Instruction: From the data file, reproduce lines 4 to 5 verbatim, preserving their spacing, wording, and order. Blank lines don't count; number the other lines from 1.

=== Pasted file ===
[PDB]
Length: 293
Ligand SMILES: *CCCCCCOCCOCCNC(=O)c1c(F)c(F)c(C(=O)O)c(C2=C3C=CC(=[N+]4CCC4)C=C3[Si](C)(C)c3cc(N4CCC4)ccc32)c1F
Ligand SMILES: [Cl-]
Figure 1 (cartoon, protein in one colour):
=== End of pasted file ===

Ligand SMILES: [Cl-]
Figure 1 (cartoon, protein in one colour):